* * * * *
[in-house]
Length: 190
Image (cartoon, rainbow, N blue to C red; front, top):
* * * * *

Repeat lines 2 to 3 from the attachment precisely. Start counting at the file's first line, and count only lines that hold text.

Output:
Length: 190
Image (cartoon, rainbow, N blue to C red; front, top):